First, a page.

DUBAI (Reuters/AFP) - Iran has obtained data from a US intelligence drone that shows it was spying on the country’s military sites and oil terminals, Iranian media reported its armed forces as saying on Wednesday.

Iran announced on Tuesday that it had captured a ScanEagle drone belonging to the United States, but Washington said there was no evidence to support the assertion.

The incident has underscored tensions in the Gulf as Iran and the United States draw attention to their military capabilities in the vital oil exporting region in a standoff over Iran’s disputed nuclear program.

“We have fully extracted the drone’s information,” Iran’s Islamic Revolutionary Guard Corps (IRGC) said in a statement on Wednesday, according to Iran’s English-language Press TV.

The drone was gathering military information and spying on the transfer of oil from Iran’s petroleum terminals, the IRGC statement said, according to Press TV. Iran’s main export terminal is at Kharg Island.

The US government has focused on blocking Iran’s oil exports through sanctions to persuade Iran to give up its disputed nuclear program, which the US and its allies believe is aimed at developing a bomb, something Iran denies.

Israeli officials have threatened to strike Iran’s nuclear sites if sanctions and diplomacy fail to stop its program.

Iran has repeatedly threatened to close the Strait of Hormuz - through which about 40 percent of the world’s seaborne crude oil is shipped - if it comes under attack. US commanders have said they will not let that happen.

The compact ScanEagle drone had been flying over the Gulf in the last few days and was captured when it strayed into Iranian airspace, the IRGC said in a statement on Tuesday.

The US military has been using Boeing Co ScanEagle spy planes since 2004 and they have become a relatively inexpensive way for the United States and others to conduct surveillance.

In November, the United States said Iranian warplanes shot at a US surveillance drone flying in international airspace.

Iran said the aircraft had entered its airspace to spy on Iranian oil platforms and said it would respond “decisively” to any incursions.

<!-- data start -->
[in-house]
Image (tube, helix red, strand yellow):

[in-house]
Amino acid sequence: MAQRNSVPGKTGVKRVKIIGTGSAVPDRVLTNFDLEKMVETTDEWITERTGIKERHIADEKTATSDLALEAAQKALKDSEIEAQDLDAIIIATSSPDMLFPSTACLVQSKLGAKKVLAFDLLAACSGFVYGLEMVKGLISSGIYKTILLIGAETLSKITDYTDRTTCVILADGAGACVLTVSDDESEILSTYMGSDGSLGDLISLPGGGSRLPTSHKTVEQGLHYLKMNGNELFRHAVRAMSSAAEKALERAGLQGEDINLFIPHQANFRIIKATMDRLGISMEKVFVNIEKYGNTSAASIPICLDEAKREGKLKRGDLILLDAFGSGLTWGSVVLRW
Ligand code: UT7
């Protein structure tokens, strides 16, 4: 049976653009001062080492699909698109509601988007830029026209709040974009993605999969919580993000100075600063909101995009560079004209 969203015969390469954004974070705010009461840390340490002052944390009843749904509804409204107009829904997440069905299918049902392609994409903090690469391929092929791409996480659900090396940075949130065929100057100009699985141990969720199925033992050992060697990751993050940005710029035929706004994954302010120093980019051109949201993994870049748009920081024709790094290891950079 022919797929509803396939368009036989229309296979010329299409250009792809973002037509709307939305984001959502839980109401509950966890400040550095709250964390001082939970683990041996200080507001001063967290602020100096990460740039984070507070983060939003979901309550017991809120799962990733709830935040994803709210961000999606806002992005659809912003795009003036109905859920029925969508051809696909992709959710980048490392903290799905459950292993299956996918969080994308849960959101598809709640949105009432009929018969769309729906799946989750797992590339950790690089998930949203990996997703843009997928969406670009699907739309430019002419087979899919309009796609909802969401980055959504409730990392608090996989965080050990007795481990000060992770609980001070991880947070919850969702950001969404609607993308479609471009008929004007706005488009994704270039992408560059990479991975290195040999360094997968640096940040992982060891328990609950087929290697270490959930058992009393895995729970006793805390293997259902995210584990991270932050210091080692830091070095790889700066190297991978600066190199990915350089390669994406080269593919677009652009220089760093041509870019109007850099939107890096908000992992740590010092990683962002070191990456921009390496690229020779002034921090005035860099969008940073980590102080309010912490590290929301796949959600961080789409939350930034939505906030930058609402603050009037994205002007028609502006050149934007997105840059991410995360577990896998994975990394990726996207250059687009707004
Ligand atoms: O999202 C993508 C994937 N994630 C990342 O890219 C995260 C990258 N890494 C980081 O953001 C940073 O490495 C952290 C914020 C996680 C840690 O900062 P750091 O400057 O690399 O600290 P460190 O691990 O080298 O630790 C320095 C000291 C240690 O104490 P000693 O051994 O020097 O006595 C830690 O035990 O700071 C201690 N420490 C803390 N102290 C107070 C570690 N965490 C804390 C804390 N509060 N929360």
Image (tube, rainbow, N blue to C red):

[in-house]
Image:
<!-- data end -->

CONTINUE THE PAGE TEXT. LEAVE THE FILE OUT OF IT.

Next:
Meanwhile, Iran’s Revolutionary Guards are telling the United States to “recount” the drones in its fleet as they insist that - despite US denials - they captured a small US unmanned spy plane over Gulf waters, Iranian media said Wednesday. “Its capture is not an issue the Americans can easily refute,” Guards spokesman Brigadier General Ramezan Sharif was quoted as saying.

“I advise the American commanders to recount their drones accurately,” he said.

They said the craft was seized in Iranian airspace but gave no details about how it was captured intact, nor where or when. State television showed images of what it said was the drone: a grey, unmarked vehicle suspended in a hangar.

A spokesman for the US Fifth Fleet based in the Gulf said none of its drones was missing, and a White House spokesman said there is “no evidence” the Iranian claim was true.

A year ago, Iran displayed a bigger and vastly more sophisticated US drone, a bat-winged stealth RQ-170 Sentinel, it said it had captured by hacking its guidance system.

US officials, after initially denying that Sentinel drone had been inside Iran airspace, ended up admitting it had been lost during a CIA mission, but contended it had likely suffered a malfunction that brought it down. US President Barack Obama unsuccessfully asked Iran to return it.

The ScanEagle that Iran says it now possesses is a much cheaper, simpler drone than the RQ-170 Sentinel. It is principally designed to feed back video images over a radio link to operators up to 100 kilometres (60 miles) away.

US and allied forces used ScanEagles in Iraq and Afghanistan, and several other countries operate the drone, including Australia, Canada, Poland and the United Arab Emirates, according to Boeing background information. The drone is also used for civilian purposes such as tracking fish or oil platform observation.